Archive for December, 2010
I was honestly a little surprised at the crowd that showed up for a show just a week before Christmas. However, when considering that it was the last time anyone would be seeing Hello Kavita and Roger, Roll live, the cozy atmosphere at the Hi-Dive made sense. Both of those groups played stellar sets filled with old and new favorites, songs that helped shape music in Denver for several years. Sarah Slaton opened the night and blew me away with her beautiful rendition of “The First Noel.”
It’s two days before Christmas and a gift has already arrived. Several months have passed since we last heard anything from the Houses camp, but today’s release of “Your Ghost” breaks that silence. The track, which will likely make an appearance on the group’s Winter EP, has a haunting piano matched with Andy Hamilton’s cool vocals. Take a listen below and visit the Houses Bandcamp page for a free download.
You may believe otherwise, but Houses has been hard at work on the Winter EP (the last of the four seasonally themed EPs) for nearly a year now. Somewhere between twenty and thirty songs have been tried, recorded, and shelved, but it’s finally beginning to take shape, ready for release in early 2011.
To assure you that we have in fact been hard at work, we release to you for free this nearly-finished version of “Your Ghost,” which is slated to make an appearance on the EP. Feel free to download, share, “like,” and otherwise enjoy and pass along this track.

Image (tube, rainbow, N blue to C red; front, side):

Happy holidays from all of Houses. Come ring in the New Year with us at the Bluebird with Slim Cessna. Otherwise, we hope to see you at many shows next year.
I don’t normally write about food, but this extreme circumstance may warrant some coverage. Last night, before the final Hello Kavita / Roger, Roll show, I decided to stop by Sputnik for dinner. Sputnik, it seems, had recently updated their menu. Gone is the Benny Mac (a sandwich which contained mac-n-cheese, chicken, bacon, and BBQ sauce), and newly arrived is the Doughnut Sandwich. Being one for adventure (and possible myocardial infarction) I ordered the sandwich. It was by no means a “fancy” affair, rather a combination of all of those guilty breakfast pleasures wrapped into one object. Instead of a bun, a glazed doughnut is split in half and lightly toasted, filled with scrambled eggs and breakfast sausage, topped with cheese, and served with “fake” maple syrup. The sticky concoction balanced salty and sweet with a slight kick of savory. I only got 3/4 of the way through it before I was overcome with the sheer richness of the thing. So, if you’re looking for what may be the tastiest, least healthy food in all of Denver, head down to Sputnik.